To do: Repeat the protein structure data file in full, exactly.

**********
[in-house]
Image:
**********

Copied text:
[in-house]
Image: